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The Australian Competition Authority is seeking to end of Google’s monopoly


The Australian Competition and Consumers Commission (ACCC) has published a report saying that new regulatory solutions are needed to limit Google’s dominance in the advertising technology industry.

We will not find any new or surprising information in the document issued by the office. It is estimated that Google is responsible for more than 90% of ad impressions sold through the supply chain. The ACCC details that its dominance is supported by many factors, such as integration through AdTech services. The most significant acquisitions made by the company played an important role, including: YouTube (2006), DoubleClick (2007) and AdMob (2009).

Google has used its vertically integrated position to support advertising technology services in a way that has led to a decline in industry competitiveness over time. This proceeding helped Google establish and dominate the ad technology supply chain – commented Rod Sims, president of the ACCC.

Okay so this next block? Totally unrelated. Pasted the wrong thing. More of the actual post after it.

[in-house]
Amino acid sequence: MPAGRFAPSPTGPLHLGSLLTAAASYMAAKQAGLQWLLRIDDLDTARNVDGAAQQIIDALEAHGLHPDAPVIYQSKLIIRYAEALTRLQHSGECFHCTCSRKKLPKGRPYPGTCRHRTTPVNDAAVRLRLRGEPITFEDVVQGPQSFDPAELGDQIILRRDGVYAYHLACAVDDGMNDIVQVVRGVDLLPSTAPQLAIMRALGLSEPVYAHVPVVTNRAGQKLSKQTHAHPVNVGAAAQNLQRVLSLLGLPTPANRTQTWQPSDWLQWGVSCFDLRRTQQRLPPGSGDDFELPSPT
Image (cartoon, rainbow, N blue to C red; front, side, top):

The troubles of the advertising industry

In its report, the office said the lack of competition likely led to higher advertising fees. Both publishers and advertisers suffer from industry inefficiencies. This, in turn, can translate into the quality and quantity of content and make consumers pay more.

The Authority also noted that the industry’s problem was the lack of transparency in terms of prices and operations. This adds to the complexity of the marketplace and makes it difficult for advertisers and publishers. The ACCC recommends that the advertising industry establish common standards that allow complete and independent service verification so that customers can easily compare applicable rates. According to the office, this would bring benefits for companies and consumers.

Regulators’ recommendations

The ACCC recommends that the Australian government establish conflict of interest management rules to prevent anti-competitive self-preferences and to ensure that competing ad technology providers can compete on an equal footing.

Work on a similar law is already underway in Great Britain. The French competition protection authority opposed Google’s monopoly, which imposed a fine of EUR 220 million on the company for abusing its dominant market position.

Author: Zac Pittman

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